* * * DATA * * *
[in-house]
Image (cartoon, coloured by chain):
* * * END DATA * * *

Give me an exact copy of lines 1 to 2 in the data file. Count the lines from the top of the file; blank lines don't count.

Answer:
[in-house]
Image (cartoon, coloured by chain):